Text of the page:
In the early weeks of 2021, amateur traders backing meme stocks like GameStop, AMC Entertainment and BlackBerry captured the world’s attention.
As spectacular gains triggered huge losses for hedge funds that bet the shares would fall, a David versus Goliath narrative took hold. Finally, the little guy was triumphing against The Man, which had been cashing in on a rigged system for decades.
In the end, however, it turns out Goliath did pretty well.
Global hedge funds reporting data to Eurekahedge, a research group, saw returns of nearly 5% in the first quarter, roughly on par with the broader market. It was the best start to the year for hedge funds since 2006.
“It was definitely a good quarter for returns. Most hedge funds were up,” Robert Sears, chief investment officer at Capital Generation Partners, told me.
The gains weren’t spread evenly, of course. Just as some nonprofessional traders got extremely wealthy off their risky GameStop positions, hedge funds that shorted popular names took huge hits.
Melvin Capital, which was a major GameStop short-seller, was down 49% during the first three months of the year, a source familiar with the matter told CNN Business.
Then there was the implosion of Archegos Capital, which collapsed after making big wagers on media stocks using extreme leverage and complex derivatives.
But generally speaking, hedge funds made the turmoil work to their advantage. When markets are choppy, investors that take a more active role in managing their portfolios have the chance to make bold plays. That worked out particularly well for those who favored stocks thought to be undervalued over high-growth tech names, according to Sears.
“The rotation to value from growth … is a positive environment for stock pickers,” Sears said.
The trading desks at Wall Street’s biggest banks also cashed in.
Goldman Sachs’ trading revenue rose 47% to $7.6 billion during the first three months of the year, its highest level since 2010. The markets team at JPMorgan Chase brought in revenue of $9.1 billion, a 25% increase. The equity markets desk alone saw revenue jump 47%.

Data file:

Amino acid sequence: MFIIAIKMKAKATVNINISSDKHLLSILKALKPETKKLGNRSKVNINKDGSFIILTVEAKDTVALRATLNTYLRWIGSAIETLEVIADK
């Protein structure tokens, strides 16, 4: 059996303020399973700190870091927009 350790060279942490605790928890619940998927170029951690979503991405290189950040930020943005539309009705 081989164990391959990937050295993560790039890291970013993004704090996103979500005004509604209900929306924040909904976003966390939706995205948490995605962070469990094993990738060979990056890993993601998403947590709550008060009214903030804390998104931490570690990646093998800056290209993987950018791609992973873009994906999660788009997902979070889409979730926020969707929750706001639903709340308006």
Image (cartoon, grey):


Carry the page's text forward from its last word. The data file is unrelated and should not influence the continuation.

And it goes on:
Morgan Stanley made $5.8 billion trading stocks and bonds, though its blockbuster quarter was dented by $911 million in losses related to the Archegos saga.
A surge in trading by individual investors also helped Morgan Stanley because it owns E*Trade. Daily average trades on the platform reached all-time highs of 1.6 million, almost 50% higher than the final three months of 2020.
Big picture: Wall Street is full of winners and losers. But this time around, it looks like the big guys, for the most part, still emerged victorious.
Johnson & Johnson’s vaccine pause could slow the recovery
Economic turnaround hopes are strongly tied to the vaccine rollout around the globe — which means concerns about shots from Johnson & Johnson aren’t good news for the recovery, my CNN Business colleague Chris Isidore reports.
The latest: Distribution of Johnson & Johnson’s single-shot vaccine has been paused in the United States, the European Union and South Africa as US authorities probe a possible connection to extremely rare blood clots.
Dr. Anthony Fauci, the nation’s top infectious disease expert, has said he expects the review to move quickly.
“Hopefully, we’ll get a decision quite soon as to whether or not we can get back on track with this very effective vaccine,” Fauci said at a Congressional hearing last Thursday.
But even if regulators find that the benefits of the shot far outweigh any risks, the headlines could hurt the public’s willingness to get vaccinated, potentially prolonging the pandemic.
“There is a clear connection … between controlling the virus, distributing the vaccine, and a robust and lasting economic recovery,” Jared Bernstein, a member of the White House Council of Economic Advisers, said in a recent interview on CNBC.
Surveys indicate that rare blood clot concerns tied to a similar vaccine from AstraZeneca have fed vaccine hesitance in Europe. An online poll conducted in mid-March for BFM TV, a CNN affiliate, suggests that only 20% of people in France trust the Oxford-AstraZeneca vaccine. (Vaccine skepticism in the country was already high.)
Economists are particularly worried about the impact a J&J pause could have outside the United States. J&J had intended to deliver 1 billion doses worldwide by the end of the year.
Unlike Pfizer and Moderna, its shot doesn’t require ultra-cold storage, and patients don’t have to return for a second appointment — making it a crucial part of plans to fight Covid-19 in much of the developing world.
Investor insight: The drugmaker reports earnings on Tuesday. Johnson & Johnson has pledged to provide the vaccine at cost during the pandemic. But its reputation matters, especially as countries start to weigh providers for booster shots.
Monday: Coca-Cola, IBM and United Airlines earnings
Tuesday: Apple launches new products; Harley-Davidson, Johnson & Johnson, Lockheed Martin, Philip Morris International, Procter & Gamble, Travelers, Xerox and Netflix earnings
Wednesday: Ericsson, Verizon, Chipotle and Whirlpool earnings
Thursday: European Central Bank interest rate decision; US jobless claims and existing home sales; Nestle, Credit Suisse, American Airlines, AT&T, Blackstone, Dow, SAP, Mattel and Snap earnings
Friday: Flash PMI data; New US home sales; American Express, Honeywell and Kimberly-Clark earnings